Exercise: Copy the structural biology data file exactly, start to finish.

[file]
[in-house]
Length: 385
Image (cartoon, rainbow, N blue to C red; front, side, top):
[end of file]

[in-house]
Length: 385
Image (cartoon, rainbow, N blue to C red; front, side, top):